Aerial photographs have revealed the streetplan of a lost Roman city called Altinum, which some scholars regard as a forerunner of Venice. The images reveal the remains of city walls, the street network, dwellings, theatres and other structures. They also show a complex network of rivers and canals, revealing how the people mastered the marshy environment in what is now the lagoon of Venice.Details of the research have been published in the journal Science. Andrea Ninfo and colleagues from Padua University, Italy, made the first detailed reconstruction of the city's topography and environmental setting.
This was assembled using visible and near-infrared aerial photographs of the farmlands that currently cover the region, along with a computer model of the local terrain. The photos were taken during a severe drought in 2007, which made it possible to pick up the presence of stones, bricks and other solid structures beneath the surface. The authors note that Altinum is the only large Roman city in northern Italy - and one of the few in Europe - that has not been buried by medieval and modern cities.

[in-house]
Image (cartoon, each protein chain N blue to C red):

The results show that the city was surrounded by rivers and canals, including a large canal that cut through the centre of Altinum, connecting it to the lagoon. Two gates or bridges were built into the walls encircling the city, providing further evidence of how the city's residents adapted to their marshy surroundings. The researchers were also able to see harbour structures at the edge of the lagoon.